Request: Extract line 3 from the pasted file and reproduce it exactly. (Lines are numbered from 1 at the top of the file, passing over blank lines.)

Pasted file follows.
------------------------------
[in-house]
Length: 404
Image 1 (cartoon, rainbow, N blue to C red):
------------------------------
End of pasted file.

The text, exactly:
Image 1 (cartoon, rainbow, N blue to C red):